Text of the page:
In February 2022, we began working with Compost Culture, a two-year project supported by the National Lottery Climate Action Fund. Its aim: to transform the way people think about food waste and composting in Birmingham.
With a busy office upstairs and the bustling Warehouse Cafe downstairs, we generate food waste every week which can easily end up in the refuse system, to be landfilled or incinerated.
One year on, we have saved 926 kilograms of food waste from the bin. We have completely closed the food waste loop for our organisation. So far, we have made almost a tonne of rich, nutritious compost, which will lock carbon into the soil and nourish the veg beds in Digbeth Community Garden.
The process is simple:
In our community garden we’ve designed and built large, 1.2m square composting bays, which have fine mesh sides that keep out pests and allow airflow into the compost.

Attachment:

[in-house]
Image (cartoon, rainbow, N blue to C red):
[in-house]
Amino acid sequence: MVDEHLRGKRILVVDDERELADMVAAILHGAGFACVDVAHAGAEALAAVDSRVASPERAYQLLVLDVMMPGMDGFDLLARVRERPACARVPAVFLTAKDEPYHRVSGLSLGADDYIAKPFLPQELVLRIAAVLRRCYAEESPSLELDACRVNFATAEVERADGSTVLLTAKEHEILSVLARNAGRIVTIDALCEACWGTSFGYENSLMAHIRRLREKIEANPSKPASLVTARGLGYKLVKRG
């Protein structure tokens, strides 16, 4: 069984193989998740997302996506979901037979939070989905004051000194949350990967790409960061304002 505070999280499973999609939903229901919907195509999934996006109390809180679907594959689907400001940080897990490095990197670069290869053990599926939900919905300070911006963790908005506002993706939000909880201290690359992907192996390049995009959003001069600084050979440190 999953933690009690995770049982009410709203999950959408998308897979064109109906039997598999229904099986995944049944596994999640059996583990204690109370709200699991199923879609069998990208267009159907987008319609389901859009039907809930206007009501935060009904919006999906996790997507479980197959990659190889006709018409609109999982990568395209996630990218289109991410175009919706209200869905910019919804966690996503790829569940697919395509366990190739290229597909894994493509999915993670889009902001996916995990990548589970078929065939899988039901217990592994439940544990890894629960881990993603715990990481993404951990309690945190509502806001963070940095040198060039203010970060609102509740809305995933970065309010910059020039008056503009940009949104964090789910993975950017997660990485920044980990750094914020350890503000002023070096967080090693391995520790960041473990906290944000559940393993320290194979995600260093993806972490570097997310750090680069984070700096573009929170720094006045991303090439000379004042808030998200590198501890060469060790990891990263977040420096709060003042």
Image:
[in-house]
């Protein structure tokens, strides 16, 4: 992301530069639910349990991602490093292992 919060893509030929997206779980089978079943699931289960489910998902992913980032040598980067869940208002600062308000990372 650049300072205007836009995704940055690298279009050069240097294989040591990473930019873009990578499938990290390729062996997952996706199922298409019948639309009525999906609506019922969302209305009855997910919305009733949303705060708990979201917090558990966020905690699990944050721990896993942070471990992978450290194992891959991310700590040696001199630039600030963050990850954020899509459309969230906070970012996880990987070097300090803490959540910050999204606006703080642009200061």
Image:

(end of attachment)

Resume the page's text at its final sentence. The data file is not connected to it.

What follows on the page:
Each week we collect food waste in sealed plastic buckets, which we reclaimed from a dairy. We add a few pinches of bokashi bran, which ‘pickles’ the food waste, and stops it from producing greenhouse gases, like methane.
At our monthly Compost Club, it’s time to roll up our sleeves and build the heap. A good rule of thumb for composting is to combine equal volumes of nitrogen-containing ‘greens’ (in our case, pickled food waste) to carbon-containing ‘browns (woodchips, sawdust and shredded paper or cardboard). Having something chunky like garden prunings also helps create structure in the pile, allowing air in.
We’ve found that the best way to get a feel for this is to mix it in a wheelbarrow, in batches.
Our pile regularly reaches 70C, even in freezing temperatures. This is due to its large mass, balanced mix, and regular turning. However, it’s possible to make compost on a very small scale, too, and with much less work.
Compost Club runs 12-2pm on the first Saturday of every month, at Digbeth Community Garden, just next door to Birmingham Friends of the Earth.
Written by Roo Hocking